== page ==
Ancient North Americans played high-stakes games

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From games of chance to tests of physical skill, ancient North America Indians took their sport and recreation seriously, research shows.

“Games are ubiquitous. Every society seems to have them,” says Barbara Voorhies, a research professor of anthropology at the University of California, Santa Barbara. Gambling was especially prevalent—because with nothing at stake the games would simply be incredibly boring.

“Based on the ethnographic record, gambling must be very deep-seated in human prehistory because it shows up everywhere, from the arctic to the tropical lowlands, and in hunter-gatherer to more complex societies,” says Voorhies, a specialist in archaeology, human ecology, and Mesoamerica. “It’s everywhere.”

Voorhies is editor of a new book, Prehistoric Games of North American Indians: Subarctic to Mesoamerica (University of Utah Press, 2017), that examines the role of games among ancient indigenous people throughout North America.

For the book, 20 archaeologists looked at how games fit into the social logic of ancient societies; how games influence economies, religion, politics, and health care; and how they promote cooperation or competition among participants.

Some of the findings derive from diaries of Spaniards who arrived in Central Mexico. They described a dice game the Aztecs played, and it seems the ancient Maya enjoyed similar games.

“Dice games are pretty widespread across the continent,” says Voorhies, who is also a contributor to the book. “By and large they are women’s games,” though not in these two societies. There were also several types of ball games played across Mesoamerica, some played with rubber balls.

“One generalization we can make about North American games is that women play against women and men play against men,” Voorhies says. “Gambling might be between the players, but also among onlookers.”

Sisters might have played a dice game and bet on who would cook dinner or get firewood. Sometimes, people would gamble on a game with the loser becoming the winner’s slave for a time.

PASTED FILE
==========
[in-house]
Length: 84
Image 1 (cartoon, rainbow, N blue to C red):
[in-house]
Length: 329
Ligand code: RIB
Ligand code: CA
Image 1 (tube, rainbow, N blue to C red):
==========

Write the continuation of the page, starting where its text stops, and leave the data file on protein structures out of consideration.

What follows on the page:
Voorhies’ interest in ancient games began in 1988 when she was excavating a shell mound in southern Mexico. On a floor-like surface, she found a puzzling semicircular pattern of 24 holes, with a rock imprint in its center.

“It looked like somebody was playing marbles,” she says. “That was the first thing that occurred to me. At the time I didn’t think anybody in Mesoamerica played marbles so I discounted that and was perplexed about this whole thing.”

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Then in 2009, she returned to the site, expanded the excavation to expose more of the floor, and found several more of the same features. “Whatever it was, people were doing it a lot. So I renewed my efforts to figure out what it was.”

A colleague referred her to American ethnographer Stewart Culin’s 1907 book titled Games of the North American Indians, considered to be the most complete work ever prepared on the games of North American Indians living during Culin’s lifetime.

She then realized her discovery in Mexico was most likely a game board, since it closely resembled dice game scoreboards from several groups in the American southwest and northwest Mexico that Culin describes in his book.

Source: UC Santa Barbara